New Delhi: With revenues of some Rs13,150 crore or nearly $3.1 billion, Infosys Technologies Ltd is India’s second largest software services vendor. Last month, it announced it was reorganizing its business—the second time in four years—by industries and expanding its reach to ensure better proximity with customers in the US, Europe, and its home market India.

Senapathy ‘Kris’ Gopalakrishnan, Infosys’ co-founder and chief executive officer, says the restructuring will allow Infosys to offer more specialized offerings to its clients as also allow more young ‘Infoscions’, as Infosys employees like to call themselves, participate in the management.

As the industry readies for withdrawal of a tax exemption scheme designed to help boost software exports, Gopalakrishnan told Mint in a recent interview that Infosys will have a peak tax impact of 21-22% of gross profits in fiscal 2010, up from the current 12-14%, before it falls to about 18% in subsequent years. Edited excerpts:

The last time you announced a reorganization was in 2003. How different is the rejig this time?

Infosys’ co-founder and chief executive officer S. Gopalakrishnan

Is this structure a natural progression from the reorganization in 2003?

It is. We created these industry units and saw their benefits. Some of the industry units like communications were global (even earlier). The second thing we did was we saw some natural synergies which we wanted to take advantage of. A communications company today is moving into providing content and applications such as media, video and data. It's not just providing infrastructure. So we brought media, communication and entertainment together as one group. Similarly, all manufacturing is now under Srinivas including hi-tech, aerospace and autos. In retail, we have brought in logistics also, because the supply chain is very important.

Through this reorganization, we will consolidate on the number of industry verticals we focus on and take advantage of the synergies we see in the market.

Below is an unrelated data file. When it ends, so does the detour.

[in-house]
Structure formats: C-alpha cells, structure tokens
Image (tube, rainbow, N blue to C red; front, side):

Our value-adds will come and it will be beneficial for our clients if we support them and the ecosystem that exists around them and bring our synergies in the solutions we take to them. It’s very clear in the physical world…people work across supply chains and try to optimize them. But optimization is not just in the organization context but also with your partners. There are a lot of connections across the supply chain in the physical world, but it is all driven through data today. As IT service providers work across the supply chain, there is value-add we can bring to our clients.

In the horizontal rejig, we have products and services: combined consulting, solutions and domain competency to create a consultancy solutions group; (and services such as) system integration, infrastructure management, BPO, Finacle as a product group, and lastly combined independent validation and R&D services like product engineering.

Potentially, you could see more of industry-based reorganization?

Potentially, yes. We have to keep an open mind, if the environment has changed in a different direction.

Does this reorganization reflect in any way the scope for the next set of young leaders at Infosys?

There are two things that we talked about in this reorganization. First is a creation of an executive council, which is a clear signal that through that process, we will identify the next generation of leaders who could take over from the founders at some point in time and run this company. The executive council will have maybe four-six unit heads. We will announce the names soon. When we created the executive council, we had a management council at the organization level, which had 10 young leaders, because we have always believed that we must get them involved in the operations of the company management and get their input. The primary criterion (for selection) of these 10 people is that they should be less than 30 (years old). Now, the management council has been moved to the units as part of the reorganization because at the corporate level, we said we will have a very small executive council which will manage the corporate operations. These will move to the different units and they will have a management council and each of these can now have young leaders representing them. So the number of young leaders who can participate in management multiplies.

Tell us this: was this reorganization vetted by anyone? Did you take the help of any consultancy firm?

No. What is the need to do so?

Indian software firms are mostly associated with technology consulting and not as much for business or management consulting where global firms such as Accenture Ltd are strong. How is your consulting business doing and what is your strategy to grow this?